Shane Shepard (.200, 5 HR, 23 RBI) had his moments as a high risk, high reward hitter in 2018, primarily serving as a pinch hitter over the latter half of the season. Shepard, who cranked a 3-run HR in his final collegiate plate appearance, finished his career with an overall .205/.355/.378 slash line and 17 2B, 11 HR, 41 R, 49 RBI, and 71 BB.
Jack Conley (.333 BA, .476 OBP, 2 HR) was a bit of a surprise MLB Draft selection, as he wasn’t State’s starting catcher and only had 33 AB on the year. MLB orgs love guys with tools, though, and Conley has that in spades. Conley finished his 51-game Wolfpack career with a slash line of .307/.413/.432. His may be a “why didn’t he play more?” story looking back.
Oakley (.222 BA, 9 AB) graduated back in August, and indications are that he entered the workforce; however, he still has two years of eligibility remaining, so the possibility exists that he goes on to grad school and continues to play elsewhere.
Of the transfers, Hunter Baker, Connor Centala, and Cole Hooper are the biggest losses. Baker never saw the field as a true freshman in 2018, but was expected to push for a starting job in the outfield this year after the departure of all three 2018 starting OFs. Centala (1-0, 3.65 ERA, 12.1 IP) showed some promise at times, especially late in the regular season, but with a lot of good, proven arms returning and the influx of a bunch of new quality arms, this isn’t a shock to see him leave. Interestingly, Baker and Centala are still listed as active NC State students.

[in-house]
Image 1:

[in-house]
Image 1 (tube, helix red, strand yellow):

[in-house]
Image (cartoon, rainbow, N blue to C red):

Hooper (18.00 ERA, 1.0 IP) is a tall/lanky lefty with a projectable frame who was expected to compete for innings in the bullpen this year or maybe even a midweek starter gig; he’s a nice addition for Appalachian State, although he’ll have to sit out this year.
Brady Gulakowski (.000 BA, 5 AB) has transferred to play JUCO ball for a year at Polk State College, and has already committed to Liberty University for the 2020 season. Vaughan is likely also heading the JUCO route, but that cannot be confirmed at this moment.
We’d also be remiss to not mention the departure of Pitching Coach Scott Foxhall. Foxhall left to join Mississippi State in the same role after spending four years with the Wolfpack, producing some very productive pitching staffs; however, Foxhall’s performance as NC State’s Pitching Coach wasn’t without its criticisms. Chief among those were the inability to establish a consistent weekend starting rotation, the reliance of the bullpen on too few arms during ACC play (which resulted in reduced performance down the closing stretch of the season and into postseason play), and the overall lack of development of talented pitchers. Cases can be made both ways for each of those criticisms, but they still exist. Either way, there’s no doubting Foxhall’s ability to produce pitching staffs that put up very good numbers, and his ability as a recruiting coordinator was top notch.